Prefrontal brain regions have been proposed to modulate vagally mediated heart rate variability (HRV) through their action on subcortical structures. This study aimed at investigating the beat-to-beat influence of the brain cortex over the heart through a high temporal resolution estimation of brain-heart coupling. Electrocardiogram (ECG) and electroencephalogram (EEG) from 32 scalp positions were recorded at rest for 5 min in 38 participants. To assess beat-to-beat cortical control on vagal activity, the longest and shortest inter-beat intervals (IBIs) were identified for each participant. Then, the EEG activity was time-locked to R waves in the ECG signal and analyzed using a time-frequency approach. Logistic regression models were applied to predict the trial-by-trial occurrence of long and short IBIs from cardiac-related EEG activity. Delta power reduction over prefrontal and frontocentral areas preceding the R-wave increased the probability for a long IBI to occur, as compared to a short one. Moreover, reduced prefrontal delta power preceding the R wave was correlated to higher cardiac vagal control, as reflected by the High Frequency (HF) power of HRV calculated on the whole recording time. The present results support the hypothesis that phasic activation/deactivation of prefrontal areas modulates vagal control of heart rate at rest.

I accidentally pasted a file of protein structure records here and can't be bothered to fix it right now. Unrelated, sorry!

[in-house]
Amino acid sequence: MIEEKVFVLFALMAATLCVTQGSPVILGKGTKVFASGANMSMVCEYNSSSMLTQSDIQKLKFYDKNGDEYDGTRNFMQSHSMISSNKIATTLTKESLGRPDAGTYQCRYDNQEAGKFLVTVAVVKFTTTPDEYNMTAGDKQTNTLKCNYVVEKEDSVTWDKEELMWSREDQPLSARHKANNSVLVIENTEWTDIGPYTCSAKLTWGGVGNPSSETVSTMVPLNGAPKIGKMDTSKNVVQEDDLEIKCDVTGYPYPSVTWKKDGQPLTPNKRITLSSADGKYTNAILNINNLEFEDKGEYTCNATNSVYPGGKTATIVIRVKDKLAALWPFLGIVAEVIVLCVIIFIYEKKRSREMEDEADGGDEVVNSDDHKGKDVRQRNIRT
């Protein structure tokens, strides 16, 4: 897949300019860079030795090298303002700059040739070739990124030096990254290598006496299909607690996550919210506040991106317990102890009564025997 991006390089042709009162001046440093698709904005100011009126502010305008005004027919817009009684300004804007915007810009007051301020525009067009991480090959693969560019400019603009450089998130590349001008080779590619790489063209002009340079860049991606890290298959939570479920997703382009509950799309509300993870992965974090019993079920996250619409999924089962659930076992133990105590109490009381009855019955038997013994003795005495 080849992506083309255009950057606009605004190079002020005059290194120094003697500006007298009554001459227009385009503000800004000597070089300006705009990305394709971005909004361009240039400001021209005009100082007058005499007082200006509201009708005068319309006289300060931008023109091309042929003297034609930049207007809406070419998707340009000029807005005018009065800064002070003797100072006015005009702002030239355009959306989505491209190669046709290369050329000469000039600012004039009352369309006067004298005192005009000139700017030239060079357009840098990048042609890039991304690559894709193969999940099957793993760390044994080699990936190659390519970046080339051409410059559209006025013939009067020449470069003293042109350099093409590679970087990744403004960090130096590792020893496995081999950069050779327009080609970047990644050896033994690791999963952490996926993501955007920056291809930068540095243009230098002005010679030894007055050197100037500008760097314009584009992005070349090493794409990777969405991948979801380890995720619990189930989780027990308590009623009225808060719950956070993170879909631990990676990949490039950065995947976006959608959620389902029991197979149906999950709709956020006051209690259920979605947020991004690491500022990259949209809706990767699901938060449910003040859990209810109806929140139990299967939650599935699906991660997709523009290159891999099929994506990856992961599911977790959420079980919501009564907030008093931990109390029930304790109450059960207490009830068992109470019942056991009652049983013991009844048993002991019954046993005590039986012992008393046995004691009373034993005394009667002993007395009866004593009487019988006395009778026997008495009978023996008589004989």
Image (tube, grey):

Keywords: Cardiac vagal control; Delta activity; EEG; Heart rate variability; Prefrontal cortex.
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